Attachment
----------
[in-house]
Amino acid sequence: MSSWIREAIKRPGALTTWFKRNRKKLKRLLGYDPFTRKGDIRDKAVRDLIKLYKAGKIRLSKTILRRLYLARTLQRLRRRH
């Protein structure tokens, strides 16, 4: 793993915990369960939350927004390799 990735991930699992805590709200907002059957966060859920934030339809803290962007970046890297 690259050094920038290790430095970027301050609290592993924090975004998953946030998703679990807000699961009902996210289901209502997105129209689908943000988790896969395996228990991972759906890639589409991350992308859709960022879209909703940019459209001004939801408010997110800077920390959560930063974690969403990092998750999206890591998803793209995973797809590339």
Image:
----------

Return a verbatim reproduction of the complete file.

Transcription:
[in-house]
Amino acid sequence: MSSWIREAIKRPGALTTWFKRNRKKLKRLLGYDPFTRKGDIRDKAVRDLIKLYKAGKIRLSKTILRRLYLARTLQRLRRRH
């Protein structure tokens, strides 16, 4: 793993915990369960939350927004390799 990735991930699992805590709200907002059957966060859920934030339809803290962007970046890297 690259050094920038290790430095970027301050609290592993924090975004998953946030998703679990807000699961009902996210289901209502997105129209689908943000988790896969395996228990991972759906890639589409991350992308859709960022879209909703940019459209001004939801408010997110800077920390959560930063974690969403990092998750999206890591998803793209995973797809590339």
Image: